- Open Access
Mixed methods analysis of eighteen worksite policies, programs, and environments for physical activity
International Journal of Behavioral Nutrition and Physical Activity volume 14, Article number: 79 (2017)
This study examined whether specific worksite supports for physical activity (PA) were associated with total and domain-specific PA.
A cross-sectional, telephone-based study was conducted in four Missouri, USA, metropolitan areas in 2012 and 2013. Outcome variables included total PA and sub-domains (leisure, work, travel) measured using the International Physical Activity Questionnaire. Logistic regression determined odds of meeting PA recommendations, given access to and use of 18 unique PA worksite supports. A subsample of 119 participants also wore hip accelerometry for seven consecutive days and maintained a wear-time diary. Access to worksite supports were associated with odds of meeting objective moderate and vigorous (MV) PA above 150 min per week.
Among 2013 survey participants, meeting PA recommendations while performing work-related tasks was significantly associated with several supports (e.g., walking maps, stair prompts), as was meeting recommendations during travel (e.g., flextime for PA, incentives for public transportation, walking/bicycling to work). Access to 11 worksite supports increased odds of meeting PA recommendations through leisure-time PA; five supports were associated with total PA. There were significant differences between access to and use of supports. Using objective MVPA, access to worksite challenges and bike storage were significantly associated with five and three times greater odds of meeting 150 min of MVPA per week, respectively.
Worksite wellness plans are increasing across the US and employers are eager for evidence-based supports for increasing PA. This study provides insights into the utility of multiple worksite supports for PA to increase odds that employees meet PA recommendations.
The etiology of obesity is believed to be multi-factorial, including genetic, metabolic, behavioral, psycho-social, and environmental influences . Individual behaviors that directly affect energy balance include diet and physical activity (PA), which are influenced by larger psycho-social, environmental, organizational, and policy factors. PA is associated with reduced mortality, including from cancer and cardiovascular disease, independent of its relationship to obesity [2, 3]. Unfortunately, less than half of US adults report meeting current PA guidelines . If factors responsible for physical inactivity and obesity at multiple levels can be better understood, we can identify more appropriate targets for dissemination and implementation.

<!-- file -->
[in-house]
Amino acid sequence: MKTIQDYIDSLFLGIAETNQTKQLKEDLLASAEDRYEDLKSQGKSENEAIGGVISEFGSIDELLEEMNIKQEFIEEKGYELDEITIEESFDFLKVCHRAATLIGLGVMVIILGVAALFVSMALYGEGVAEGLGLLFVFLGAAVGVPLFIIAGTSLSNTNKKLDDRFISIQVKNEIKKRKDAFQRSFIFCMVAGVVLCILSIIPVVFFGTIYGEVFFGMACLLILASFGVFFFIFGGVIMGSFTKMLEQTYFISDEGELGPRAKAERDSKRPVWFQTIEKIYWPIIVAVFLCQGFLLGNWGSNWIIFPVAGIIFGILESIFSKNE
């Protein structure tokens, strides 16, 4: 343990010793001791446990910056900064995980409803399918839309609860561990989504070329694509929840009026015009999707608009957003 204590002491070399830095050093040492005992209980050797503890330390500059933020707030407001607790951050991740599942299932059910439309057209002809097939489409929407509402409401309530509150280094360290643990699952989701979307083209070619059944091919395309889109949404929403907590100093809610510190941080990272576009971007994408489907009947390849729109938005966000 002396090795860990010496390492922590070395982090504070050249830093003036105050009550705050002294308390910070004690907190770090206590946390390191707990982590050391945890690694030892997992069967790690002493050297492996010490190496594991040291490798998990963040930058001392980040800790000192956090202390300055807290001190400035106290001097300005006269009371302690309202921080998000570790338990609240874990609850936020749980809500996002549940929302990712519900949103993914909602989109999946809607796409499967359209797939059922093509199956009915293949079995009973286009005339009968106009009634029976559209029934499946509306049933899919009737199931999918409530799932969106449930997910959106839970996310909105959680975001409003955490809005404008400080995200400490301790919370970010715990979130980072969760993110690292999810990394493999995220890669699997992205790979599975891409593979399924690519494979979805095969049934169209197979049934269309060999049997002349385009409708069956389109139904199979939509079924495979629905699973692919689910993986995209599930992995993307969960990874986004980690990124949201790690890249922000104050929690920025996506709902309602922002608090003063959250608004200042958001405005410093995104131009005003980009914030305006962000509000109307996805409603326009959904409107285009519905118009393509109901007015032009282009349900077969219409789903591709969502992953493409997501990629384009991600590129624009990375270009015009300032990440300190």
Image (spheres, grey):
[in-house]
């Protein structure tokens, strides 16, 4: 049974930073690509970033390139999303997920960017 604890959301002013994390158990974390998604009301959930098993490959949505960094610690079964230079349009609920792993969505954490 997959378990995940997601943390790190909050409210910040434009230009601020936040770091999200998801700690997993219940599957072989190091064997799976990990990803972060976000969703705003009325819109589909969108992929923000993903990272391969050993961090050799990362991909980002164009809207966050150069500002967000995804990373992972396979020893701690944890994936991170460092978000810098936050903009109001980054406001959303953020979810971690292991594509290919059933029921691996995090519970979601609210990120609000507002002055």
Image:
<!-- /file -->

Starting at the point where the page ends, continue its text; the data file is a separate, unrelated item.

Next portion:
Many employed adults spend at least half of their waking hours at work . For some, the pressures of work may impact eating and activity behaviors  in addition to the built environment characteristics around the worksite , making worksites excellent venues for health and PA promotion. Further, while the number of employees working in sedentary jobs has increased, those in physically active jobs have decreased over time . This new reality highlights the importance of utilizing the worksite as an intervention site for PA promotion. A particularly promising type of worksite health promotion strategy involves environmental, programmatic, and policy changes that may assist employees in making healthful choices at work (e.g., easy access to stairways, on-site exercise facilities, time or breaks for PA during the work day) [9, 10].
Due to the rising costs of healthcare associated with obesity-related illness and disability, there is interest among employers in offering programs or benefits to assist employees in making healthful decisions . This may be especially true since many chronic diseases are largely preventable, and the behaviors associated with them are often modifiable . Obesity has been associated with excess costs to employers due to absenteeism, sick-leave pay, disability, and injuries . Strong evidence exists that worksite health promotion and obesity programs can improve workers’ health while providing a positive return on investment [12, 14, 15].
While a variety of worksite supports for PA exist, evidence of their effectiveness is still being established [16, 17]. Available studies examine a variety of outcomes, including effectiveness of worksite supports for PA to impact overweight and obesity, musculoskeletal disorders, fatigue, blood serum lipids, blood pressure, cancer, and general health [14, 18,19,20]. Currently, the only worksite-specific support for encouraging PA that has sufficient evidence to be recommended by the Community Preventive Services Taskforce is encouragement of stair-use through point-of-decision prompts . Thus, it is important to continue assessing what worksite supports for PA are available, to whom they are available, who is using them, and what effect they may have on increasing employee PA .
The overall goal of this project was to understand how environments and policies where employed adults work are associated with energy balance. In the current study, we examined whether specific types of worksite supports for PA were associated with total and domain-specific PA. Specific research questions included: 1) What access to worksite supports for PA is available at Midwestern worksites? 2) Are employees using available worksite supports? and 3) Does the presence and use of worksite supports make it more likely that employees will meet PA recommendations?